B747-400F Tire Explosion During Inflation

The Singapore Transport Safety Investigation Bureau (TSIB) have reported on a tyre explosion on China Airlines Boeing 747-400F freighter B-18719 on 18 October 2018 during a turnaround at Singapore Changi.

Burst Tyre from China Airlines B747-400F B-18719  (Credit: TSIB)

Burst Tyre from China Airlines B747-400F B-18719 (Credit: TSIB)

The aircraft had landed at 0443LT and was scheduled to depart two hours later. During a walk-around inspection, the tyre pressure of the No.11 tyre was found to be low.

Boeing 747 Wheel Numbering System (Credit: TSIB)

Boeing 747 Wheel Numbering System (Credit: TSIB)

While the tyre was being inflated with nitrogen, the tyre burst.  A tyre pressure gauge that a Technician had placed on the top of the tyre was propelled into the wing body fairing. The technician “felt a blast of cold air to the right side of his face” but was uninjured.

The Safety Investigation

The Aircraft Maintenance Manual (AMM) contains procedures for both Hot and Cold Tyre Pressure Checks.  The cold check is Boeing’s preferred method and the hot check is intended for occasional use only.  A cold check can be performed if the tyre has cooled for 2 hours or more.  However the cooling time can vary depending on the weather conditions, ambient temperature etc.  Boeing considers it acceptable to determine if the tyre has cooled to ambient temperature by touch. TSIB note that this “has an element of subjectivity”.  The Licensed Aircraft Engineer (LAE) checked the tyre and believed it had cooled, noting it was raining heavily at the time.

After assessing by touch that the tyre was not hot, he tasked Technician A to measure the tyre pressure while he himself went to the cockpit and noted that the brake temperature was indicated as “0” on a scale of 0 to 9 on the wheel synoptic page of the aircraft’s Engine Indicating and Crew Alerting System (EICAS).

However, this was not conclusive as:

“0” and “9” represented the Cold and Hot ends respectively. “0” corresponded to a brake temperature lying within the range from ambient temperature to 176ºC.

Technician A used a manual tyre pressure gauge and determined the tyre pressure was 170 psi.

Manual Pressure Gauge (Credit: TSIB)

Manual Pressure Gauge (Credit: TSIB)

The air operator had set a tyre service pressure of 200 (+5/-0) psi irrespective of the aircraft’s gross weight (which was within the range allowed by the AMM), so there had been a drop of 15% in pressure and so the tyre should have been replaced.  It appears the LAE however erroneously calculated the drop from the minimum inflation pressure (185 psi) i.e 8.1%.  That percentage allowed the tyre to be re-inflated subject to a tyre pressure checked again 24 hours.

The LAE then instructed Technician A, who would be assisted by Technician B, to service No.11 tyre to 200 psi.

Nitrogen Serving Cart (Credit: TSIB)

Nitrogen Serving Cart (Credit: TSIB)

During the inflation the tyre burst as described above.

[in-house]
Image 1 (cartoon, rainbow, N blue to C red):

The examination of the burst tyre by the tyre manufacturer [Bridgestone] suggested that there was a pre-existing ply cord deterioration condition on the tyre and that this condition was consistent with the tyre having been operated under significantly low pressure prior to the incident.

A Continuous Crack Line Along the Interior Shoulders of the Tyre (Credit: TSIB)

A Continuous Crack Line Along the Interior Shoulders of the Tyre (Credit: TSIB)

Indeed, had the tyre been appropriately serviced, it seemed very unlikely that the tyre pressure could have dropped to 170 psi. The ply cord deterioration was likely accompanied by a slow deflation of the tyre which was somehow not noticed during daily checks of tyre pressure or transit walk-around inspections. The integrity of the tyre was compromised progressively by the ply cord deterioration and it was during this incident that the tyre wall could no longer withstand the internal inflation pressure and thus give way to a tyre burst.

The TSIB also note that:

….the terms “tyre service pressure”, “specified pressure”, “nominal service pressure” and “necessary tyre pressure” as used in the AMM were all referring to the same pressure. The use of the different terms can be confusing. It would be desirable if the aircraft manufacturer could use one same term for all of them.

Safety Actions

The maintenance service provider issued a Quality and Safety Briefing Sheet that was disseminated during toolbox briefing. The briefing reminded all maintenance staff to use the measured pressure to compare with the operating pressure set by the operator when they are calculating percentage loss of the tyre pressure.

The aircraft manufacturer issued a Temporary Revision for the B747-400 AMM on 17 May 2019 such that the terms “tyre service pressure”, “specified pressure” and “necessary tyre pressure”, where they meant the same pressure, were amended to “nominal service pressure”. Following the Temporary Revision, the AMM has been revised on 15 July 2019.

Safety Resources

Other Aerossurance articles that have discussed injuries and incidents during maintenance include:

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